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Little Bernie loves to look at the stars in the sky. His favorite constellation is the Ball of Paper Constellation, because of its distinct and unmistakable shape of. . . a ball of crumpled paper. Bernie downloaded a picture of the constellation from the internet, and now he wants to print it and stick it to his wall. Bernie also likes to watch the paper sheets gradually coming out of the printer, and for this occasion, he made a decision: he wants the stars to be printed in non-increasing order of brightness.
The constellation has N stars. For each one, Bernie knows its brightness level B as well as its X and Y coordinates in the picture, where the X direction points rightwards and the Y direction points upwards. He knows that the pictures are printed from top to bottom (that is, in decreasing order of the Y coordinate), and that everything in a horizontal line is printed simultaneously.
Bernie’s plan can be described like this: for any two stars S and T, if S is brighter than T, then S must be printed before or at the same time as T. Before printing the picture, Bernie can rotate it at any angle around any given point, but he cannot scale, reflect or distort it. Now Bernie needs your help to find out if there is any rotation that allows the stars to be printed in the order he wants.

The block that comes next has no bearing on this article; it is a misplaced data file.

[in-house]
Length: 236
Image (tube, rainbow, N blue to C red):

The first line contains an integer N (3 ≤ N ≤ 1000) indicating the number of stars in the constellation. Each of the next N lines describes a star with three integers X, Y (−104 ≤ X, Y ≤ 104) and B (1 ≤ B ≤ 1000), where X and Y are the coordinates of the star in the picture, and B is its brightness level. No two stars have the same location.
Output a single line with the uppercase letter “Y” if there is any rotation that allows the stars to be printed in non-increasing order of brightness, and the uppercase letter “N” otherwise.
4 0 2 1 1 -1 2 3 3 5 4 0 2
5 0 4 6 2 4 5 3 7 2 4 4 6 3 0 8
4 -1 2 5 0 0 2 3 4 1 4 2 4